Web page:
Living in Chile

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Chile Blog Reviews
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In the beginning, there was darkness. Then, Part I of Chilenoís never-ending guide to living in Chile.

T his article is designed for foreigners who want to try living in Chile. Experienced expats are encouraged to sound off, and Chileans are more than welcome to read along. One good place to start is with a very common question locals ask: "Why did you come to Chile?"

Why do people move to Chile?
When you go online, most sites paint a very limited picture of what it is that an expat in Chile does: study abroad or teach English.

But when I step back to think about what my expat/transplanted friends and acquaintances do here in Chile, and I rifle through my list of bloggers in Chile, the diversity of experience is baffling, as it should be. People currently come to Chile to:
  • Yes, teach English
  • Yes, learn Spanish
  • Yes, study abroad
  • Yes, travel
  • Yes, experience a different culture
  • But also
  • connect to their roots
  • save money
  • pursue business opportunities
  • be deployed by their government/corporation
  • be married
  • work in non-profit orphanages
  • make films
  • raise children
  • report news
  • bum around
  • be a celebrity blogger
  • do academic research
  • write books
  • And thatís just what Iíve seen.

    Work Opportunities Available in Chile

    Teach English
    This timeless, archetypal - perhaps the oldest occupation of the
    (young?) expat. Iíve never done it, but based on what Iíve heard from a close friend and a few other people who have spent plenty of time living and working in Chile teaching English, I wouldnít touch it with a 10 foot chalkboard pointer.

    According to those I spoke to, the typical day revolves around calls to studentsí homes, workplaces or public places like a bar or cafť. I havenít heard of anyone with the ďluxuryĒ of a 9-5 shift teaching English in a single location.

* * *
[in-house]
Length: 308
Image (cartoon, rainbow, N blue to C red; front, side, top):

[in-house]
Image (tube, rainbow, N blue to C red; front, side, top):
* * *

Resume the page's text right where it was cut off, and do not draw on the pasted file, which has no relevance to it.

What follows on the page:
Nor have I ever heard of anyone making more than $10 an hour.

    Add to that, youíre spending most of your day scurrying around the sprawling city of Santiago with a failed (and, relative to your teacherís income, expensive) transportation system, the now-infamous Transantiago.

    Top that off, itís not an exception to the rule, but rather a matter of course, that students will flake out on you. Anyway, if you really feel like hating yourself, go find out more about teaching English at Woodward.

    Much better is to do what I do:

    Freelance on the Internet.
    Donít depend on the Chilean standard of living, where a monthly salary of US $1,000 is ogled at and unattainable by most. Rather, go international.

    There are lots of expats who make a living off the Internet, in dramatically different ways. Kyleís a celebrity blogger and then thereís sluggers like Olivier actually a kids&mortgage-tier Internet entrepreneur, whoís taken his expat roadshow to all four corners of the world, and recently made the move to Chile.

    Then again, total squares can get a job at Met Life or, like Joel, the front desk of a hotel. That requires the whole Work Visa nonsense and more importantly, to me at least, the idea of moving to a foreign country to get a boring office job raises existential questions that jeopardize the clarity of this article.

    Wheel and deal
    Then there are a bunch of others schemes people have going on. I heard the guy who destroyed La Tercera website by making this clunky-ass flash program meant to simulate the physical experience of reading a newspaper Ė Iíd never seen anything so 90ís-tastic and, quite frankly, inhumane. He was a gringo and apparently made a lot of money.

    So keep your eyes wide open for opportunity, if thatís what youíre into.

    Thankfully, however, La Tercera has moved on.

    Other schemes include film production. Actually, thereís plenty of room for honest work there. All this talk of work is making me feel slightly nauseous.

    Well, that wraps up Part I of Chileno's Guide to Living in Chile. Here's a sneak preview of Part II:

    Cost of Living in Chile
    This is something I havenít actually calculated yet, and I wonít unless one of you kind readers would like to defray my own cost of living in Chile and sponsor a serious study, by me. In the meantime, Iíll just point to a price list on Page 4 of:

    There's lotsa inflation in Chile too.


    I haven't even scratched the surface of the cost of living in Chile. That's coming up soon.

    For now, though, Iím really tired and Iím about to take off for a couple of weeks Iím gonna bring this to an abrupt halt. Until I get back to this, what are ytour thoughts on the cost of living in Chile, renting an apartment, finding work, etc.

    © Copyright 2005 - 2012 Chileno